Theo and George Spartalis are not ordinary, and their cars are certainly far from average, often seamlessly integrating show quality build finish to hardcore race-style performance engineering. Both of these very special brothers shine on like crazy diamonds in the coalface that is the tuning scene and this wild S15 is Theo's opus, his toy, his pride and joy. Rather than keeping it placid with big rims, dumped stance, some styling efforts and around 250kW at the wheels, the Spartalis brothers took their inspiration from the most hardcore drag and circuit racing Silvias in Japan.
Theo made a pilgrimage to Japan a few years back, where the sight of the HKS Kyushu S15 running 10.4 on drag radials and using an SR20 pulled the strings in his mind, while it was witnessing the GT300-class C-West S15 JGTC racers (now Super GT) that stamped those formative lustful ideas and dreams into a cold, hard, wanton desire to build his own SR20DET-powered S15, something that could run a number at the drags or blast an enthralling lap out at a local circuit.
At the start of the original build, Theo wanted the car to blend JGTC and drag styles into a road car and then take it from track to strip to street. However, his desire to run a fast time overcame the short-term circuit aspirations and any shred of road usage for the car, and so it slowly turned more into a strip-focused monster, though Theo reckons it can be re-tuned to smash lap records fairly easily and cheaply.
Before this latest round of modifications to really push it into drag car territory to run a number that Theo would be happy with, it had run a best time of 10.24@138mph on radials and firstname.lastname@example.org on slicks, though these passes had been plagued with the kind of teething problems associated with massive feats of engineering like what this car packs. They had suffered all kinds of set-backs, from faulty battery charge warning lights, to shearing billet driveshafts, to a programming glitch on the MoTeC accidentally advancing the timing to nearly 27degrees (which would be enough to kill any normal motor)!
The whole build was excruciatingly difficult as the detail had to be off the clock. It had to be supremely well engineered, but finished to a standard that wouldn't be out of place on a brand new supercar or works-built factory racer. Still, running that first nine second pass made it all worthwhile for Theo, and he's rightfully proud of the advanced workmanship that is packed into the fatter-than-a-sumo two-door, the highlights of which are the seamlessly integrated C West GT widebody, the seam-welded chassis, the R32 Skyline GT-R rear-end, the carbon brakes from the USA and that ludicrously large T51R turbo.
The first thing most people spot in the engine bay is that monster HKS T51R KAI turbo, the snail pumps 30psi worth of boost into the now-2.2-litre SR20, though that's managed by the HKS 50mm external wastegate, TAL blow-off valve and Blitz Dual SBC boost controller. You can't run such a large huffer without the appropriate preparation being done to the bottom end, and on the GT Autosound S15 there's enough hi-po hardware in there to make a Silvia junkie drool with excitement.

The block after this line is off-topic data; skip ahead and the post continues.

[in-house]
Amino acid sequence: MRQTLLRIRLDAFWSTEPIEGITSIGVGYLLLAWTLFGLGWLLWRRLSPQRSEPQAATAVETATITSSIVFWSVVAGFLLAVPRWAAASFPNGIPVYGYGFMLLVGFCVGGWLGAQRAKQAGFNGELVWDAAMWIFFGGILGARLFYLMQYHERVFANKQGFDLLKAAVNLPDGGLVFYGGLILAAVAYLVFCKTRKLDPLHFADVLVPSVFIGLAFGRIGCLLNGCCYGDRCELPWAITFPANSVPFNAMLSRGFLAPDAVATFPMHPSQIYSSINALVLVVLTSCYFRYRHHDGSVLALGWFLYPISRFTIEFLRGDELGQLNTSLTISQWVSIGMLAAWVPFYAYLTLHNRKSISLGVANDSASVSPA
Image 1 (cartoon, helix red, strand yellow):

In the block lies a Tomei stroker crank that has bumped capacity up to 2.2-litres and can spin far harder than the Nissan effort, while Power Enterprise bearings now handle the rpm, heat and stress from the manic motor, being able to turn to over 11,000rpm! While shopping at Tomei, Theo picked up a quartet of their matching 2.2-litre con rods to suit the motor as well as a set of oversize 87.5mm pistons that were then also Nikasil coated for extra strength and installed with unbelievably exotic titanium piston rings that are both lightweight and strong. There's also a Trust sump and oil cooler to ensure the motor's longevity.
Having experimented with both standard and heavily modified heads, Theo has settled on this expensive, labour-intensive set-up that is reportedly worth around $12,000 and packs exotic, intricate detailing like CNC porting, JUN billet plenum, Tomei valve springs and Manley titanium and aluminium valves. On the front of the motor, there is a Nissan VQ45 V8 throttle body and Tomei cam gears, while ARP head studs have been fitted to stop the top-end lifting off the long motor when that massive T51R gets a'spoolin'.
With the switch to methanol, the Sard 1000cc injectors currently doing duty will be joined by a second set. Theo had been running American-made Rochester units, but found them to be less than reliable on such a monstrously worked motor, something that can spell disaster and tens of thousands of dollars down the drain if it all goes wrong.
Helping keep the detonation at bay is the Trust front-mount air-to-air 150mm-thick drag-spec intercooler. This unit sacrifices ultimate long-distance cooling efficiency for almost no pressure drop at all across the massive core, something that Theo's able to cope with seeing how the car's really only running at full-tilt for a maximum of 10.24 seconds at a time.
All that work adds up to 490 rear-wheel kilowatts without nitrous through the auto gearbox (and well over 500 with a manual), but has seen as high as 600kW at the wheels on the bottle, though this was running a very conservative 18deg of timing. Some of the reasons Theo wants to change the to methanol is because alcohol will burn much cleaner than C16 race fuel, run the motor at a much cooler temperature and allow almost 35 degrees of timing, which should add around 200hp to the car's prodigious total!